Diabetes, also called; diabetes mellitus is a disease in which the body’s ability to produce or respond to the hormone insulin is impaired, resulting in abnormal metabolism of carbohydrates and elevated levels of glucose in the blood and urine. Consult a doctor for medical advice
Most common types
- Type 2 diabetes: A chronic condition that affects the way the body processes blood sugar (glucose).
- Type 1 diabetes: A chronic condition in which the pancreas produces little or no insulin.
- Prediabetes: A condition in which blood sugar is high, but not high enough to be type 2 diabetes.
- Gestational diabetes: A form of high blood sugar affecting pregnant women.
Type 2 diabetes
Type 2 diabetes, also called: adult onset diabetes is a chronic condition that affects the way the body processes blood sugar (glucose). Very common, more than 3 million US cases per year. With type 2 diabetes, the body either doesn’t produce enough insulin, or it resists insulin. Symptoms include increased thirst, frequent urination, hunger, fatigue, and blurred vision. In some cases, there may be no symptoms. Treatments include diet, exercise, medication, and insulin therapy.
Type 1 diabetes
Type 1 diabetes, also called: juvenile diabetes is a chronic condition in which the pancreas produces little or no insulin. Common with more than 200,000 US cases per year. It typically appears in adolescence. Symptoms include increased thirst, frequent urination, hunger, fatigue, and blurred vision. Treatment aims at maintaining normal blood sugar levels through regular monitoring, insulin therapy, diet, and exercise.
Prediabetes, also called: impaired glucose tolerance is a condition in which blood sugar is high, but not high enough to be type 2 diabetes. Very common with more than 3 million US cases per year. Without intervention, it’s likely to become type 2 diabetes within 10 years. Many people with prediabetes have no symptoms. Progression from prediabetes to type 2 diabetes isn’t inevitable. With lifestyle changes, weight loss, and medications, it’s possible to bring a blood sugar level back to normal.
Gestational diabetes, also called: diabetes during pregnancy is a form of high blood sugar affecting pregnant women. Common with more than 200,000 US cases per year. Those who develop gestational diabetes are at higher risk of developing type 2 diabetes later in life. In most cases, there are no symptoms. A blood sugar test during pregnancy is used for diagnosis. Treatment strategies include daily blood sugar monitoring, a healthy diet, exercise, and monitoring the baby. If blood sugar is too high, medication is needed.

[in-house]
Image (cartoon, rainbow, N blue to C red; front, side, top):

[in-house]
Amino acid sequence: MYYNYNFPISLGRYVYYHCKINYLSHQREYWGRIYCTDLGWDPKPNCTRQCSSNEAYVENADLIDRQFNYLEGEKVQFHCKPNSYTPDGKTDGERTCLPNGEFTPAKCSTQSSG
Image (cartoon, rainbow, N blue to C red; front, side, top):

Economic and Well-Being Impact
According to the Gallup-Sharecare Well-Being Index™, the national prevalence of diabetes increased from 10.6% in 2008 to 11.5% for the first nine months of 2017. This increase has had a direct impact on health care costs and health outcomes.
If the diabetes rate had remained at its 2008 level, approximately 2.3 million fewer U.S. adults would have the disease today, and healthcare costs due to diabetes would be an estimated $19.2 billion less than current levels. Costs to employers are significant with more than $20 billion annually in lost productivity, stemming from 57 million additional unplanned missed workdays by workers with diabetes.
Further, the residents of the U.S. communities with the highest prevalence of diabetes have higher rates of obesity, high blood pressure, high cholesterol, heart attack and depression and are less likely to engage in healthy behaviors than residents in the lowest prevalence communities.
This Gallup and Sharecare research also examines diabetes and its relationship to key well-being and productivity outcomes. It also addresses how health systems are leveraging best practices to expand diabetes management both within the hospital setting and out to the communities they serve.
Diabetes Costs U.S. Economy Estimated $266B Annually
- Diabetes adds estimated $245.5 billion annually in healthcare utilization
- Increase in diabetes rate since 2008 has added $19.2 billion to 2017 costs
- Higher absenteeism costs employers an extra $20.4 billion annually
Diabetes among American adults is estimated to cost the U.S. economy an additional $245.5 billion in 2017 in total healthcare expenditures. These results are based on the diabetes rate of 11.5% thus far in 2017 and are coupled with an estimated incremental healthcare cost of $8,480 per person compared with those who have not been diagnosed with diabetes.
These data are drawn from more than 135,000 interviews with U.S. adults across all 50 states and the District of Columbia so far in 2017 as part of the Gallup-Sharecare Well-Being Index. These findings are from a report released today, The Cost of Diabetes in the U.S.: Economic and Well-Being Impact.
The estimates for the incremental healthcare utilization costs per person, which have been adjusted for inflation, are drawn from research by the American Diabetes Association. The extra costs per person per year have been conservatively computed by the ADA to account for overlapping costs of other chronic conditions commonly associated with diabetes.
Since 2008, the national adult diabetes rate has risen nearly one percentage point, elevating the current cost estimates. If the diabetes rate had remained steady at 10.6% since that time, the estimated healthcare expenditures due to diabetes in 2017 would be about $19.2 billion less than they currently are.
Diabetes Linked to Increased Workplace Absenteeism
Diabetes costs the U.S. economy in more ways than just extra healthcare utilization. One such way is lost productivity in the form of unplanned absenteeism, which costs U.S. employers an estimated $20.4 billion annually.